The American Society of Travel Agents expressed concerns about plans the hoteliers announced Monday tothe Hotel Distribution System (HDS).
"Any time major players get together it raises the specter of antitrust issues," ASTA Chief Executive Richard M. Copland said in a statement. "This joint venture has the potential to harness the vast power of the Internet for anti-competitive purposes.
"There has been no mention of how online travel agents might use the HDS technology platform or even if there are any plans to include them," said Copland, whose group has over 24,000 members.
The companies making up HDS are Hilton Hospitality, Hyatt, Marriott International, Six Continents Hotels and Starwood Hotels & Resorts Worldwide. HDS will aim to make hotel rooms available to Web travel sites via direct connections to hotel reservation systems.
The Dallas-based venture comes two years after six of the top airlines banded together to create Orbitz, a Web travel agency designed to compete against powerhouses Expedia and Travelocity. But the Web travel sites havethat Orbitz was an airline ploy to fix prices and seize control of the distribution of airfare online. The Department of Justice is investigating Orbitz for any signs that its business practices are anti-competitive.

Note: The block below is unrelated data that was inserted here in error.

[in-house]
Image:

The online travel industry is one of the few profitable areas of e-commerce; competition has raged and players have vied for larger market share.
The collaboration online by the top hotel chains is among the first such efforts in the industry. The hotel chains now distribute rooms online via their own sites or through Web travel companies, such as Hotel Reservation Network or Expedia, which arelarge returns from it.
But passing judgment on HDS is premature, says Forrester analyst Henry Harteveldt, who points out that there are important differences between Orbitz and HDS: The airline industry is controlled by relatively few carriers, and the hotel industry is populated by thousands of independent companies and small chains.
A group of hotel chains, even large ones, is not big enough to put a stranglehold on distribution, he said.
"Once again, ASTA has jumped the gun, but that's not surprising, because ASTA cries at weddings, funerals and competitive announcements," Harteveldt said. "Hotel pricing is so fragmented, and the hotel industry is so less concentrated and so much more competitive than the airline side...they don't want to bypass travel agencies."